The following will be a series of observations; mine.
They may, or may not be right, or even relevant, but,
these thoughts have been buzzing around in my bonnet
for some time and I want to share them with you.
I have often, make that very often, watched guys who own
cane rods casting them. For the most part they seemed to
be having a bit of trouble getting a very long cast. Mostly
they would wave the rod, both forward and back, and sling
the line on the cast. No forward stop would be noticed, nor
any on the back-cast. But, they were content with things
as they were.
I then have seen a few who, when casting graphite rods,
would use the same strokes as when they were casting cane.
These often complained that the graphite were too stiff etc.
Years ago, when fiberglass came out, it was slow and soft.
The action was very much like cane. I am not saying cane is,
or was, soft or slow. The 'action' was what was similar.
And fiberglass rods sold well. As graphite grew in popularity,
fiberglass disappeared and so, for the most part, did cane. Now
there is at least one company making fiberglass fly rods again
and a resurgence in cane is upon us.
A few things factor in here. The 'baby-boomers' have grown up,
their kids are out of the nest, the income level has risen and
they can now afford the cane rods only dreamt of in their youth.
However, these same people are now used to casting graphite.
Hard stops, front and back. Tight loops. Long casts, powerful
roll-casts, sometimes the whole line. This 'method' of casting
did not exist in years past, there were no rods suited for it.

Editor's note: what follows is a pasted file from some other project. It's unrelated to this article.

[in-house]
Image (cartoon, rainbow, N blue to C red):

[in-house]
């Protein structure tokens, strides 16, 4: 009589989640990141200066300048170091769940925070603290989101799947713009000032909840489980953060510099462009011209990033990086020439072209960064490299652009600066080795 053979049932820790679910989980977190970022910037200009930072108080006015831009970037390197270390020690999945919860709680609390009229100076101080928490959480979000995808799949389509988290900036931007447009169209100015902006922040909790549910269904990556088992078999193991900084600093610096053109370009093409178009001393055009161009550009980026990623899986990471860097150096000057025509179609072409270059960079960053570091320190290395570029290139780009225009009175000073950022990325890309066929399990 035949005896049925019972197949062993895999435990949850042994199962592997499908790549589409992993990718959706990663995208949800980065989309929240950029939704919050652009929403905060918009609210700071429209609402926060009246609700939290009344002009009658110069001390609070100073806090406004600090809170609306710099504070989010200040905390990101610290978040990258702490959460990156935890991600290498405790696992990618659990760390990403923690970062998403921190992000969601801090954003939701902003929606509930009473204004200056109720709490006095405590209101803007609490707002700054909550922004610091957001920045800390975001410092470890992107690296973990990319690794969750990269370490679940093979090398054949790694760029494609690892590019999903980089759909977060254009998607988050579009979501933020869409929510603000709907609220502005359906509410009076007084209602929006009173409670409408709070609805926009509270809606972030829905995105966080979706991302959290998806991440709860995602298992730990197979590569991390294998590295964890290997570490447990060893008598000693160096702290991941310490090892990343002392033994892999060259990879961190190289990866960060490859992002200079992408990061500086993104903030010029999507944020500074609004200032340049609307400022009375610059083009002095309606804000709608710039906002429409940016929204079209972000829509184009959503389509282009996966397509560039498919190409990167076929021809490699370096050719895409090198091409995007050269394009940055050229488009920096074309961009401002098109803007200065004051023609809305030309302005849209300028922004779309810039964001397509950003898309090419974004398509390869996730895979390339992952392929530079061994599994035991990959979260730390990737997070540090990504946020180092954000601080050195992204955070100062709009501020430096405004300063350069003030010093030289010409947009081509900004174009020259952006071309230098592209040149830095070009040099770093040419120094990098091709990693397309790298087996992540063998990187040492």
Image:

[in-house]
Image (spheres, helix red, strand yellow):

It grew along with the development of graphite rods, fast,
I have talked with cane rod makers who were quick to admit
they were not good casters. When watched, I did not argue
with them. I did sometimes wonder how the heck they thought
they were qualified to make cane rods, let alone develop
new tapers, or improve on some of the old ones.
The truth is, they were casting just fine, for cane. Cane rods
are not created to be hammered, rather they should be stroked.
Treat them not like wrestling an alligator, but like petting
a kitten. They are the debutante at the Country Club dance,
not as a 'lady of the evening.' When you cast graphite the power
is applied at certain points during the cast, often rather
severely. With cane it is more constant. The caster and the
rod are in 'contact with the line at all times.'
Often the cast with cane will be an oval, to be sure it will
be a rather tight oval, but it will not have the tight 'V' - shaped
wedges on each end of the cast. Graphite can give you a sharp 'V',
cane prefers to offer a muted 'J'. To cast graphite like
cane proves rather ineffective, weak loops and not much
distance. To cast cane as one would cast graphite will
produce frustration. The rod will appear to be soft, gutless,
perhaps recoil in the middle joint or seem tip heavy.
I have seen guys having a tough time trying to learn how cast
cane. The more they fought it, the worse it became. Slow
down...stroke the rod...take your time...let the rod show
you what it will do...do not try to force your style on the
rod. With graphite you can hammer it into submission. If it
responds, you say you like that rod, if not, you do not like
the rod. With cane you just ease your way into the occasion.
Go ahead and take a look at your back-casts, the shape of
the loops, let the reel roll out a little, keep the rod in
contact with the line. Let me repeat that. "Keep your rod
in contact with the line."
Remember too, most of the cane rods were developed to cast the
smaller diameter, and faster through the guides, silk fly lines.
Today's lines are much more wind resistant and still not as
slick as a well greased silk.
Probably the bottom line might be this. If you now have a cane
rod, do not even try to compare it to graphite. Apples and horses.
Treat it as it was designed to be treated and you should be
very satisfied. ~ JC